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Lynette Valentine v Mark McGinty ? Linlithgow Sheriff Court, May 2008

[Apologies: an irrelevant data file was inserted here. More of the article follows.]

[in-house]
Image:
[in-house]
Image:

The Pursuer (aged 38 at Proof) raised an action of damages following a road traffic accident in October 2006. The Defender admitted liability but quantum could be not be agreed. The Pursuer was diagnosed with a whiplash injury and was prescribed painkillers. For about 2 months after the accident, the Pursuer suffered pain in her neck and had to take painkillers. The pain gradually settled over the following 5 months and the Pursuer's symptoms had resolved fully within a year. As a result of her injury, the Pursuer had to have help with tasks round the house several weeks and could not take part in aerobic exercise for 2 – 3 months. The Pursuer argued that £3,500 should be awarded for solatium and the Defender suggested a figure of £2,000. Both parties accepted that the appropriate starting point for valuing solatium was the JSB Guidelines (8th Edition) and that the Pursuer's injury should be classified in the lower bracket in the category of “minor” neck injury, for which the suggested range of damages was £750 to £2,550. Both parties referred to a large number of Sheriff Court cases in support of their suggested figure for damages. The Sheriff did not consider this a useful exercise. He suggested that this would have been appropriate if it had been difficult to fit the Pursuer's injuries into a particular category in the Guidelines or if it had been argued that the JSB Guidelines were incorrect or misleading in some way, but that was not the case.The Sheriff expressed the opinion that, unless there was an obvious difficulty in applying the Guidelines, they were an appropriate starting point in considering damages and, in most cases, the damages actually awarded could be determined by reference to the Guidelines. The Sheriff considered himself bound by the decision of Sheriff Principal Bowen in Symington v Milne (2007, unreported). The facts in that case were difficult to distinguish from those in the present case. In Symington, the Sheriff at first instance had awarded £1,250 as solatium but the Sheriff Principal had increased this to £2,250. The Sheriff awarded damages of £2,250 in the present case but indicated that, if he had not been bound by the decision in Symington, he would have awarded £2,000 as solatium.